Suzanne Vega may be known for rekindling the folk music renaissance that developed in New York’s Greenwich Village in the 1980s, but her studio albums speak for themselves. The singer-songwriter’s deep love of literature, mythology, cinema and city living have greatly inspired the material in her first eight albums. More recently, however, she dedicated her creative spirit to an earlier muse—author/musician Carson McCullers, for whom she has also crafted a theatrical piece. In her third Pennyblackmusic interview, Vega expounds on the ten songs that comprise ‘Lover, Beloved: Songs from an Evening with Carson McCullers’. Vega’s extraordinary career began with the release of her self-titled album of 1985, which featured ‘Marlene on the Wall’. The album was ultimately included in Rolling Stone's '100 Greatest Records of the 1980s'. Using her native New York as a curious canvas, she constructed the sparse, but rhythmic ‘Tom’s Diner’ for ‘Solitude Standing’(1987). The song achieved further fame when British duo, DNA, made an illegal recording of it, but when Vega discovered that the song had circulated successfully in clubs she negotiated a deal for a legal remix. In the 1990s, she ventured into industrial-folk with ’99.9 F' (1992) and collaborated with composer Philip Glass. The following decade found her developing ‘Songs in Red and Gray’ (2001) and ‘Beauty and Crime’ (2007), which was sensitively written after 9/11 and the loss of her brother. Besides having a one-off voice, a penchant for divining stellar melodies and the ability to express a wellspring of emotion throughout her career, Vega demonstrates that she is a demon of perseverance. Besides possessing natural talent, she has maintained her long-standing career through dedication and a positive attitude. And, as always, Suzanne Vega remains stunningly contemporary, even though, this time around, she couldn’t resist the intoxicating lure of a literary past. PB: The focus of your new CD, ‘Lover, Beloved’ is the late author Carson McCullers. Why the fascination? SV: I just think she’s a really interesting, modern person. She was way ahead of her time. Her androgyny, her bisexuality and the way she used language was very tough and feels very contemporary to me, and the way she continued working even though she had all of these disabilities. She was very able in spite of all her illnesses, and her attitude towards the way she was able to write, from a very empathic point of view, especially in 'The Heart is a Lonely Hunter', her first novel. PB: In ‘Instant of the Hour After,’ you sing, “The show is over for now, the monkey is dead,” “how I love you/ how I loathe you.” What prompted the ambivalent lyrics? SV: Her writing. That was taken from a story that she wrote called, ‘Instant of the Hour After’ — those words are right from her story, the story of two alcoholics who are drinking and at the end of the night they are having this argument. It’s pretty obvious it’s the way you feel if you love someone who drinks. You feel ambivalent, I think. PB: In the song, ‘We of Me,’ the central theme seems to be, “I and the world are always separate.” Other original songs like ‘Gypsy’ or ‘Left of Center’ speak of the outsider too. What strikes you as compelling about that type of person? SV: Well, I myself felt like a kind of outsider growing up. I had a different father from the rest of my brothers and sisters and I was raised in a neighborhood that was mostly black and Puerto-Rican, so I stood out in a way; not in a good way, either. So I suppose I identify with that role. PB: You have a gift for writing about women, whether they are drawn from mythology, royalty, Hollywood or everyday life. The main character in ‘Annemarie’ appears to be very influential and multi-dimensional. Did you imagine her to be human or supernatural? SV: Oh, it’s both. ‘Annemarie’ was someone that Carson was in love with, and from reading her biograph, she worshipped her. If you look up the woman, Annemarie Clarac Schwartzenbach, she was loved by many people, not just Carson McCullers, so in the song she kind of raises Annemarie to the point of being a kind of deity, especially by the last verse. She’s kind of both, a real person and a kind of icon. PB: ‘Harper Lee’ is a delightful song on which you as McCullers reference McCuller’s literary peers. Was McCullers really that competitive? SV: Oh, very. Yes. All of those things she said are things that she actually did say, except that there’s maybe one or two things that I found online that she didn’t say, but she might have said. The line about “My sad café is greater than his Gatsby” — someone else said it online and I thought she would have liked it. So she didn’t actually say it, but I thought she would have liked it, and the final line, “I’d like to kill more than just that mockingbird” was actually written by Duncan Sheik, who wrote the music, and it was such a great line that I had to grab it and throw it right in there, and it rhymed and everything. That’s the one line she did not say, but the rest of it is pretty much taken from her autobiography. PB: How extensive was your research and how long did it take you to write the show and then the album? SV: I dread telling you the answer. I have been working on this since I was in college, which is a long time ago now. It’s a project that I’ve been working on with pleasure since I was nineteen or twenty, and not consistently. After I graduated from college, I put it away for about thirty years and then I took it out again — I guess it was 2010, and then I started working on it again. So there’s your answer, a lifetime. PB; ‘The Ballad of Miss Amelia’ reminds me of ‘I Never Wear White’ from your last album, 'Tales from the Realm of the Queen of Pentacles', because in it the protagonist mocks convention, although the format here is completely different. SV: That is the story line and plot of “The Ballad of the Sad Café. All I did was adapt it. That’s one I wrote back in college, actually. There’s a longer version, actually, so that was the shorter version. I found it a pleasure to take her work and adapt it. Her writing itself is quite musical because she was a trained musician and I think sometimes her cadences and rhythms crept in there, so it was fairly easy to adapt. PB: Are you aware that there are blogs in which your lyrics are hotly debated? SV: No. I have not seen them. PB: On one blog, you've got fans going back and forth, figuring out, perhaps, everything that you’d been thinking when writing ‘Marlene on the Wall’-perhaps they even figured out the real meaning. SV: The thing about the songs is that they’re open-ended (Laughs). It would be crazy if they actually knew exactly what I was thinking. And, in fact, ‘Marlene on the Wall’ is a song that I thought at first, that no one will understand, so I thought literally about throwing it away when I had written it thinking, "This is just not going to work." And my guitar player at the time told me to get it out of the garbage because we needed a major key song to start the set with, and so I did, and it became a hit much to my surprise. So I’m glad at least people are wondering what the lyrics are about. PB: I want to share a personal story. My sixteen-year-old came barging into the room when I was listening to your new album. She asked, "Is that Regina Spektor? Is that Fiona Apple?" She was not familiar with the material on your new album, but your music sounded very contemporary to her and struck a deep chord. Are you aware that you have a youthful cult audience out there? SV: I see them on Twitter and I love it and I think it’s really great. I see some of the younger people tweeting and I always “like” them and retweet them. I see them at the shows too, and it’s terrific. PB: You have a youthful attitude about music. SV: I love music. My daughter and I share an iTunes account because she still uses my credit card. I actually pay for the music, so I’m grateful that she does that, so that means whenever she buys something new I receive it on my phone and from time to time I zip through whatever she’s bought and listen to it and I’ve found some great stuff that way. I spent quite a bit of time with Rihanna’s new album (‘Anti’), which I really like. I actually listened to Drake’s new album (‘Views’), Rhianna’s new album and Chris Brown’s new album, ‘Heartbreak on a Full Moon’. I know she used to go out with both of them. She’s going out with Drake now and she used to go out with Chris Brown, so it’s kind of amusing to hear them write about each other, but her album is definitely the best one out of the three. PB: Let’s shift gears. Gerry Leonard produced your new album. Of course, as your musical director and guitarist, you have toured extensively with him and work well together, but what’s it like having Gerry work as producer, as opposed to being your co-musician? Did you work closely together to create the album tracks? SV: We don’t have to be together to make decisions. We’ve had a really good working relationship, so generally what he says, I agree with, not always, but most of the time. In that case, he said, "I really think it should be an acoustic album with upright bass." He had a very strong aesthetic defined already and I thought it sounded great and I’m very happy about how it came out. The sound of the album is quite different from anything else that I’ve ever done. We used instruments of the era such as trombone, ukulele and banjo. It’s very easy to work with Gerry. He tends to be right on point with his suggestions. In the times when we have disagreed with each other, I usually end up coming around to his point of view. PB: Can you talk about your pianist? SV: Jason Hart (Antony and the Johnsons, Rufus Wainwright) is Duncan’s acolyte (Duncan Sheik, Grammy award director who has collaborated with VEga on the theatre play of 'Lover, Beloved'-Ed). He works with Duncan almost exclusively and he’s very familiar with Duncan’s work. We’ve all worked with Jason before and he’ll be with us on tour, also. So we’re adding Jason Hart. It will be me, Gerry and Jason. It’s a little fuller than usual. We can’t afford to bring the whole band, sadly, but if we play larger venues, then maybe one of these days we can bring the whole band. That’s what I was hoping for, but we’ll be having Jason, which should be great. PB: Will your live show, from which the album was drawn, go nationally? SV: We’re doing Europe first and then we’ll tour the U.S. after that. You can go to the website and hit the tour button and all of the dates will come up. PB: Carson McCullers was about twenty-two when she came to New York from the American South. If the twenty-two-year-old Suzanne Vega rang your bell, asking to share a cup of coffee and to seek advice, what kind of conversation would you have? SV: I would try to tell her to have more confidence, although I had a lot of confidence and I still do, but you need to have confidence in this world. The reason I’m stymied is that I still feel twenty-two. I still have conversations — I don’t feel substantially different than my twenty-two-year-old self. I guess I could just leave it at that. I don’t really think about that. You would have to ask me in a week and I could probably give you an answer then, but we don’t have that kind of time. PB: I remember reading that you boldly entered clubs in the Village back in the day, but you were being turned down and yet you kept coming back and coming back… SV: I did and I guess I had a certain confidence. I think by nature, I’m kind of an introspective person and I’ve always been as bold as I could be, but it took me a long time to, say, learn to move around on stage and not be critical of myself while I was performing, especially after I became successful. For years, it took me a long time to figure out how to put the microphone down and how to actually move with my body and some of that has come after working with Gerry, because Gerry plays so much of the music and he plays so rhythmically that that has enabled me to put down my guitar and actually move around the stage, and that’s been really great. if I could have had that kind of freedom earlier on, it would have possibly changed the course of my career, not that I’m complaining, I think I’ve had a great, long career, but I would have liked to have had that freedom earlier, so I think that’s what I mean. I would have been bolder on stage, to actually move around and to play more. PB: In terms of breaking into the business, do you think that new acts are less willing to approach club owners, given that they can rely more on social media? Do you think things are handed to artists more in that way? SV: No, no, I don’t think that things are handed to them. I think there’s an expectation sometimes that things are going to happen right away or that it’s all about your style, or if something doesn’t happen in a year or two, that you kind of move on to the next thing. My success seemed like it took me overnight, but it actually didn’t. It took me ten years. I started writing songs when I was fourteen. I started auditioning in clubs when I was sixteen and I finally got the record deal when I was twenty-four, so it took a long time to get there and then the success seemed as though it was overnight. It was a lot of work to put that all in place. And the thing is, it doesn’t stop after you get your record deal—we have this idea, in America, especially, that once you’ve made it, you’re sort of over the rainbow and you just ride around in limousines after that. It’s not true. You still get rejected. You still get dropped from your record label. You still experience rejection in many different ways; you still have to keep going if you’re any kind of artist and expect to have a long career. You still have to have that confidence and keep going. PB: Thank you. Suzanne Vega will be playing the following UK dates - Queen's Hall, Edinburgh, 9/10/2016; Royal Northern College of Music, Manchester, 10/10/2016; Cadogan Hall, London, 11/10/2016 and the Town Hall, Birmingham, 13/10/2016.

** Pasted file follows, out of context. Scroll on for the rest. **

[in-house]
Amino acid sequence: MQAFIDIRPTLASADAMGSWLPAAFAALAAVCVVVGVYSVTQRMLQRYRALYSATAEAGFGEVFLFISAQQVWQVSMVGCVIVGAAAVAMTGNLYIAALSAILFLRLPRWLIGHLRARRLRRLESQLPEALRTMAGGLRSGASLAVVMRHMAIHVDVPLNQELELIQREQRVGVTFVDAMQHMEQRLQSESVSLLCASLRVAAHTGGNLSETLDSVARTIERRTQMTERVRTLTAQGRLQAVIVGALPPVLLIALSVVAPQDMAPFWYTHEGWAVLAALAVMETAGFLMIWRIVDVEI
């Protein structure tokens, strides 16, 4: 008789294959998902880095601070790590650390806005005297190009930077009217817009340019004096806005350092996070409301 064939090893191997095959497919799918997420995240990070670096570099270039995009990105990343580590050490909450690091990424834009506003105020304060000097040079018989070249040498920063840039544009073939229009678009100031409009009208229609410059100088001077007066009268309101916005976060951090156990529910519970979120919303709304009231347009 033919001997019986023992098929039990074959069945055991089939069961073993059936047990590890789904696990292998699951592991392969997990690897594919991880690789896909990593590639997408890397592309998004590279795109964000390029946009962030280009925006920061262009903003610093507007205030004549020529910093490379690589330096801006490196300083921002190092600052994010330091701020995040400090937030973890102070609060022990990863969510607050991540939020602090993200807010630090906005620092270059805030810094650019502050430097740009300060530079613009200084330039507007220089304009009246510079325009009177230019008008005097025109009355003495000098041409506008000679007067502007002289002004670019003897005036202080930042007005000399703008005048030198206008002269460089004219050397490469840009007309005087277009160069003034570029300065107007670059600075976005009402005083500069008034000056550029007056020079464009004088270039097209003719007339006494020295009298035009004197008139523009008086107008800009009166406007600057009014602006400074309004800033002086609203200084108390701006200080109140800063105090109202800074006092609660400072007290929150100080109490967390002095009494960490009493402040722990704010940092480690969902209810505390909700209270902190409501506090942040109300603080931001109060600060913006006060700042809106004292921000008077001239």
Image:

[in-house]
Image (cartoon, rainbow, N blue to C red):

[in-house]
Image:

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Suzanne Vega - Interview

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Live Reviews

Old Town School of Folk Music, Chicago, 1/5/2022
Suzanne Vega - Old Town School of Folk Music, Chicago, 1/5/2022
Lisa Torem enjoys Suzanne Vega's much-awaited set at Chicago's Old Town School. which includes hits and selections from her one-woman show about novelist Carson McCullers.
S.P.A.C.E., Evanston, Illinois, 22/2/2013

Digital Downloads


Lover, Beloved: Songs from an Evening with Carson McCullers (2016)
Richly constructed and emotionally intellectual album from much acclaimed New York-based singer-songwriter Suzanne Vega about the writer Carson McCullers
Close-Up, Vol. 1-Love Songs (2010)